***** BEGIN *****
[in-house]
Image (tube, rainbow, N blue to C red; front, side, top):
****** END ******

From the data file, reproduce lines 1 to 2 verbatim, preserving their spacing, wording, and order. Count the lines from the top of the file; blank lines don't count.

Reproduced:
[in-house]
Image (tube, rainbow, N blue to C red; front, side, top):